We’ve all heard the old chestnut “Honesty is the best policy,” but it seems that certain sectors of the workforce may have forgotten it. More than half the professions covered in the 2014 Roy Morgan Image of Professions survey have emerged looking a little less reputable than they did just 12 months ago, after their ethics and honesty ratings (as judged by the Australian public) fell year on year.
When we consider how different professions from the same industry performed in the survey, some interesting findings come to light. The reputation of the finance industry, for example, from Bank Managers to Accountants, Financial Planners to Stock Brokers, has improved across the board since last year.
Ethics, honesty and media
On the other hand, the media industry might need to call in an image consultant. Historically among the less trusted professions, TV Reporters, Newspaper Journalists and Talk-back radio announcers continue to receive poor ratings. While TV Reporters have remained steady since last year, with less than one in five Aussies (18%) rating them favourably for ethics and honesty (compared to, say, 91% for nurses), Newspaper Journalists and Talk-back Announcers have each fallen slightly in the public’s estimation, from 19% to 18% and 16% to 15% respectively.
Rating of Professionals in Media on ‘Ethics and Honesty’
Source: Roy Morgan Research; Annual Image of Professions Survey 2014; n=644; Base: Australians 14+
While an 18% score for ethics and honesty may not sound like a vote of confidence, it’s the best result that TV Reporters have received in this survey since 2004 — and a significant improvement on the mid- to late-1990s, when their rating hovered between 11% and 14%. The 1990s was an even darker decade for Newspaper Journalists, making their current 18% score seem almost impressive — until we remember that it’s less than half the rating received by the survey’s biggest losers, Ministers of Religion (37%, down from 44%).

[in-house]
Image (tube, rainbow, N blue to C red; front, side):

The public’s faith in Talk-back Radio Announcers has been on the wane since 2010, and the profession’s current rating of 15% is well down on its historic 2003 ‘high’ of 21%. In fact, since last year, even Insurance Brokers and Stock Brokers are perceived to be more ethical and honest.
Gary Morgan says:
“TV Reporters, Newspaper Journalists and Talk-back Radio Announcers continue to rate poorly in the annual Roy Morgan Image of Professions survey, suggesting that ethics and honesty are not qualities widely associated with the Australian media industry.
“The political bias displayed by most newspapers in the lead-up to last year’s Federal Election certainly wouldn’t have boosted the public’s trust in journalists; while recent talk-back ‘shock jock’ antics such as Howard Sattler’s infamous interview with former PM Julia Gillard and Derryn Hinch’s jail term didn’t do that profession’s reputation any favours.
“Roy Morgan has been tracking the image of Newspaper Journalists, TV Reporters and Talk-back Radio Announcers since 1986, 1989 and 2000 respectively, during which time they have performed consistently poorly, struggling to reach a 20% approval rating among the Australian public. If we can’t trust our media to deliver the news in an honest, ethical manner free of bias and ulterior motives, how are we expected to get a well-informed, balanced perspective on current affairs?”
These are the main findings of a Roy Morgan telephone survey conducted on the nights of April 8-10, 2014, with 644 Australian men and women aged 14 and over.
Respondents were asked: “As I say different occupations, could you please say – from what you know or have heard - which rating best describes how you, yourself, would rate or score people in various occupations for honesty and ethical standards (Very High, High, Average, Low, Very Low)?”
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